The latest deal between radio and recording brings a new broadcaster – Beasley Broadcast Group – and an experienced label – the Big Machine Label Group – together for a deal involving airplay royalties and internet rates.
The deal follows the parameters of the Big Machine deals that have come before it – Beasley will provide Big Machine artists with a share of their broadcast income in exchange for more favorable rates for streamed material.
“In our 50-plus years in radio,” says Chairman and CEO George G. Beasley, “Beasley Broadcast has witnessed many changes in the way broadcasters deliver music to listeners. More importantly, we have put our money where our mouth is by participating in technological advancements and adjusting our business when we felt it benefited our Company and industry. Our new agreement with Big Machine represents a forward thinking way of doing business with Beasley bringing to the table dominant country-formatted radio stations in Philadelphia, Miami, Las Vegas, Fayetteville, NC and Augusta, GA. Working together is consistent with one of our core beliefs – that to maintain relevancy, radio must continually adapt to the current environment.”
“This new relationship opens the door for incredible digital broadcast opportunities between Beasley’s portfolio of radio stations and Big Machine’s talented artists,” says Executive Vice President and Chief Financial Officer Caroline Beasley. “It is a testament to how the free market should work.”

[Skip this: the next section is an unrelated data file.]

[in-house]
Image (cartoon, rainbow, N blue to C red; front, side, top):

“The Beasleys have always been innovators and great entrepreneurs with extraordinary vision. Their brand is the gold standard in the industry and we are honored that we share the same vision as we move forward with our mission to help support and grow online digital broadcasting while also supporting our artists in the over-the-air world,” says Big Machine Label Group CEO Scott Borchetta. “This is a very exciting time as radio and the recorded music industry collaborate to deliver premium experiences and convenience for users.”
RBR-TVBR observation: These deals are still coming at the trickle pace. It’ll take a few more radio participants, not to mention a few more labels, before we can consider this to be a trend. But for all those who would prefer a business rather than a government solution to the issue of broadcast performance royalties, it is another step in the right direction.